Their concerns include the opaque process that led to the plan’s approval, the sea of asphalt that would result from essentially clear-cutting the last semi-forested area in Overlake, and of course precedents for future development. Their strongest legal argument, aside from the city completely ignoring its own tree retention code, appears to be a laughably incomplete Environmental Impact Statement filed by the developers. The EIS essentially ignores the fact that 1100 trees are being cut down, and makes no mention of vegetation removal nor impact on wildlife.
Oral arguments in the case begin June 25 of this year.
So why are the trees being removed? The official explanation is that the trees’ root systems will be weakened by development: removing existing pavement, removing some of the trees, digging utility lines, constructing underground parking lots, installing new roads. Large trees with weakened root systems might be toppled by wind storms, causing damage to the development.
A simpler explanation is that the trees are just in the way. Tap roots or no tap roots.
As one Redmond City councilmember put it, “we’ll have forests where there should be forests and we’ll have development where there should be development.”
The sad thing is that a high-density, walk-to-work urban setting is a fantastic idea for this neighborhood. With the area’s blighted strip malls and declining retail stores, there is actually plenty of space for such a revitalization. The property just across Bel-Red road is a vacant mall, containing no trees whatsoever. The next one over is an abandoned nursery that has been sitting undeveloped for years. Together they represent about 25% of the developable space on the Group Health site, and would a perfect complement to an actual sustainable development plan across the area. And down the hill are even more strip malls, just waiting to be redeveloped.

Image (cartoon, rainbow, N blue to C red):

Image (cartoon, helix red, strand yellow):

Unfortunately, most of this land falls within the boundaries of the city of Bellevue, Kemper Freeman-ville, which would never allow such development to compete with its crown jewel, the utterly unbreathable Bellevue Square.
And so we have this plan.
Even despite all this, given the location, it would actually be pretty simple to just let it go – that is, if the city of Redmond hadn’t already developed the living daylights out of its old forests and farmlands.
Urbanization by urbanization, what was once a beautiful landscape became acres upon acres of poorly built McMansions, laid askew on blighted developments plots designed by people who were just in it for the quick money. You don’t even have to drive around to see it; just look at the satellite map while remembering what the place was once like. Much of the new development is recent.
So business as usual has been here all along. It probably never left.
Which leads to an obvious conclusion: re-developing Overlake is a great idea, but it should not be done the usual way – i.e. clearcutting the place with zero accountability. Perhaps we can avoid business as usual, just this once.
If you live in Redmond, you might consider dropping by the site one day. It’s a lovely walk, as you can see by the photos in this blog entry. While you trespass on the abandoned hospital grounds, decide for yourself whether it all needs to be destroyed in order to be saved.
So what can you do?
- Contact your city council. Decide whether they’re correct, misguided, or corrupt.
- Contact the Group Health Cooperative Board of Trustees, e.g. by sending email to firstname.lastname@example.org. It would be a shame if their hitherto sterling reputation were tarnished with the perception of an abysmal environmental record.
- Donate to Citizens and Neighbors for a Sustainable Redmond, in order to help them finance the appeals process. Our legal system makes it challenging to see a case like this through without sufficient funding, and that’s likely what Group Health is counting on in this case.
To donate, you can send checks payable to Citizens and Neighbors for a Sustainable Redmond to the following address: Sustainable Redmond, PO Box 2194, Redmond, WA 98073. (Note that they’re not yet a 501(c)(3).)
The complete Flickr set.